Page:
The Capitals, who earned the President’s Trophy as the NHL’s top regular-season team in 2010, 2016 and 2017, surprised the pundits by going all the way this year after losing some big-name players in the summer. While the supporting cast has varied over the years, Washington’s core stars have always had the necessary talent, but seemed to struggle psychologically in the crunch.
During the Ovechkin era, they have lost seven Game Sevens and won just four. Beating the Penguins in Game Seven of the second round this year injected the Barry Trotz-coached club with undeniable confidence.
“Besides my wedding day and the birth of my two girls, this is the most amazing feeling I’ve ever had,” said Washington’s T.J. Oshie. “I’ve never seen a team come together like we did here.”
Although the Knights failed to toast their dream season with Stanley Cup champagne, there was no reason for them to be ashamed. GM George McPhee’s team simply ran out of goals and gas in the final against the talented and tenacious Capitals, whom McPhee also largely built during his tenure as Washington's GM through 2014.
The top line of Jonathan Marchessault, William Karlsson and Reilly Smith was rendered ineffective in the final. Goalie Marc-Andre Fleury, the backbone of the team and a fan favorite, looked mortal after posting an incredible 94.7 save percentage in the first three round.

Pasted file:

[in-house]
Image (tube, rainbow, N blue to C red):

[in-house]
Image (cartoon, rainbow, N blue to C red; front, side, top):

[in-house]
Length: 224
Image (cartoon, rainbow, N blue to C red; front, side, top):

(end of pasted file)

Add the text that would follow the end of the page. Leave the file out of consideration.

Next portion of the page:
The Knights weren’t just less-heralded. Unsurprisingly, they were also far cheaper. In the final, Vegas had no answer for Washington’s four highest-paid forwards – Ovechkin ($9.5 million), Yevgeni Kuznetsov ($7.8 million), Nicklas Backstrom ($6.7 million), and Oshie ($5.75 million) – as quality won out.
“It’s tough,” said Vegas forward Alex Tuch. “We played for each other all year long, and we came up short.”
Still, Sin City will never forget how the Knights marched to the Pacific Division crown with 109 points and then steamrolled Los Angeles, San Jose, and Winnipeg en route to the final. The first major pro team in Las Vegas history gave heart and inspiration to locals who were stunned by October’s mass shooting tragedy.
Beyond Ovechkin’s saga, there were plenty of great individual stories for Washington. Yevgeni Kuznetsov led the playoffs with 32 points. His four-assist outing in the 6-2 win in Game Four tied a Cup final record shared by 11 other players.